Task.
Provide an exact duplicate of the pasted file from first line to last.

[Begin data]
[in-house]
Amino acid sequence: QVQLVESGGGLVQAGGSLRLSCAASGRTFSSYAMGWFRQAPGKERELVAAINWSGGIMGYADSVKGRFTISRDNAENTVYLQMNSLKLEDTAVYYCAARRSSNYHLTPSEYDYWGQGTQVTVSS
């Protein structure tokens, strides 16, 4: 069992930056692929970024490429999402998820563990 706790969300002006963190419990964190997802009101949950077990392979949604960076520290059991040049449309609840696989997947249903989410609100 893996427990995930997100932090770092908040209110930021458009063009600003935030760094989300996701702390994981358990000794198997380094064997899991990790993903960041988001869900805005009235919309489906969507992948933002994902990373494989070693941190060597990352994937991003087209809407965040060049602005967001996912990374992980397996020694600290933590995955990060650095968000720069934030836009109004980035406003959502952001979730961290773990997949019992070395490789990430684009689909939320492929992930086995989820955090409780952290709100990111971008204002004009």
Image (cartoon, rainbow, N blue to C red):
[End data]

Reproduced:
[in-house]
Amino acid sequence: QVQLVESGGGLVQAGGSLRLSCAASGRTFSSYAMGWFRQAPGKERELVAAINWSGGIMGYADSVKGRFTISRDNAENTVYLQMNSLKLEDTAVYYCAARRSSNYHLTPSEYDYWGQGTQVTVSS
């Protein structure tokens, strides 16, 4: 069992930056692929970024490429999402998820563990 706790969300002006963190419990964190997802009101949950077990392979949604960076520290059991040049449309609840696989997947249903989410609100 893996427990995930997100932090770092908040209110930021458009063009600003935030760094989300996701702390994981358990000794198997380094064997899991990790993903960041988001869900805005009235919309489906969507992948933002994902990373494989070693941190060597990352994937991003087209809407965040060049602005967001996912990374992980397996020694600290933590995955990060650095968000720069934030836009109004980035406003959502952001979730961290773990997949019992070395490789990430684009689909939320492929992930086995989820955090409780952290709100990111971008204002004009």
Image (cartoon, rainbow, N blue to C red):